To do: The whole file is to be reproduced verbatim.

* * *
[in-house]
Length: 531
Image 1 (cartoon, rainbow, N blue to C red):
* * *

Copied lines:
[in-house]
Length: 531
Image 1 (cartoon, rainbow, N blue to C red):